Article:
Common Mistakes to Avoid While Making a Pitch Deck

Crafting a pitch deck can be challenging for a variety of reasons. Here are some common pitfalls to steer clear of when building your pitch deck:

1. No Coherent Narrative

Lack of a coherent narrative can leave investors confused and disengaged. Ensure that your pitch deck tells a compelling and logical story, guiding investors through the journey of your business.

2. No Long-Term Vision

Focusing solely on short-term gains without presenting a long-term vision can limit investor confidence. Clearly articulate your vision for the future, showcasing the sustainability and growth potential of your venture.

3. Too Much Information

Overloading your pitch deck with excessive information can overwhelm investors. Keep the content concise and focused on key messages for a more impactful and memorable presentation.

4. Poor Understanding of Investors

Failing to understand the preferences and expectations of your target audience can result in a misalignment between your pitch and investor interests. Thoroughly research your potential investors and tailor your pitch deck accordingly before each new pitch meeting.

5. Poor Market Positioning

Inadequate positioning within your target market can diminish the value potential investors see in your venture. Clearly define your market position by highlighting what sets you apart from competitors and emphasizing your unique value proposition.

6. Underwhelming Team Slide

Neglecting to showcase the capabilities and expertise of your team can severely erode investor confidence. Invest time in crafting a compelling deck slide about your team that highlights the strengths and qualifications of your leadership, and include it near the beginning of your pitch.

7. No Clear Funding Ask

Ambiguity regarding funding needs leads to missed opportunities. Always remember to clearly define the amount of funding you’re asking for and specify how you will use the capital to fuel growth.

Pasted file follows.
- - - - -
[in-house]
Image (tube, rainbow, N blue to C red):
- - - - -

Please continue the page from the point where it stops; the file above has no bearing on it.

How to Make a Pitch Deck: Key Takeaways

A compelling pitch deck is more than a formality — its strategic tool that significantly impacts your ability to get the funding from investors that your startup needs. Every component of your pitch deck plays a crucial role, from target audience, to storytelling elements, to aesthetic design, and more.

Learning from real-life examples of successful pitch decks is one of the fastest ways to improve your own pitch deck. Don’t forget to review the pitch examples provided above and use them to inspire your own pitch deck design and strategy.

Similarly, you can get advice on your pitch deck from an experienced advisor who has had success raising funds for their own companies. Mentorship from a fellow entrepreneur, or even from an investor, can be instrumental in helping you improve your pitch deck and get the funding you need to grow your business.

Get 1:1 advice from Pitch Deck Expert

T Zhu

T Zhu

Co-Founder & CEO - Tellus
Fintech & Proptech Expert

Tellus
Zazzle

T Zhu is the co-founder of Tellus, a smart savings platform powered by real estate backed by Andreessen Horowitz, Alumni Ventures and Decent Capital. He previously founded and scaled a number of companies, including Sodacan, a social consumer mobile app startup that released Sip, an anonymous, location-based photo sharing app (top 50 on the US App Store), and More Corn (acquired by Answers.com) a Facebook apps company that was the seventh largest developer on the Facebook Platform. Zhu is a Stanford University graduate who enjoys assisting both technical and operational founders with their day-to-day, scaling/growth, cultural, and execution challenges.

Raised $25M
a16z
Top 50 App Store
More Corn (acq.)
Stanford University
See pricing & availability
Alexandra Zatarain

Alexandra Zatarain

Co-Founder - Eight Sleep
Y Combinator Alum

Eight Sleep
Y Combinator

Alexandra Zatarain is the Co-Founder and Vice President of Brand and Marketing at Eight Sleep, the world's first sleep fitness company. Eight Sleep solves sleep's most pressing issues through innovation and cutting-edge technology. The Pod, its best-selling product, has a cult-like following among business leaders, entrepreneurs, celebrities, and professional athletes. Among many others, the Pod is the preferred sleep accessory of CrossFit 2021 and 2022 champion Justin Medeiros and the Mercedes AMG Petronas Formula 1 Team. The company has raised $160 million from investors such as General Catalyst, 8VC, Founders Fund, Craft Ventures, and Khosla Ventures among others. Alexandra was named to Forbes' 30 Under 30 list in Consumer Tech in 2017, and to Inc.'s Top 100 Female Founder's list in 2020.

Raised $160m+
Forbes 30 Under 30
CrossFit
Formula 1
Inc. Top 100
See pricing & availability
Jacob Jaber

Jacob Jaber

Co-Founder & Chairman - Philz Coffee
Retail Expert

Philz Coffee
TPG

Jacob Jaber is the Co-Founder & Chairman of Philz Coffee. As CEO for nearly two decades, Jacob grew Philz from the original coffee shop in San Francisco's Mission District to more than 70 locations across the country. Jacob has raised more than $100 million in funding from investors. Jacob is also a renowned investor and advisor and was named Forbes' 30 Under 30. Jacob is a pro in the consumer space, specializing in product, design, customer experience, retail, consumer technology, team building, org culture and more.

Philz Coffee
Raised $100M
Angel investor
Retail expansion
Food & Beverage
See pricing & availability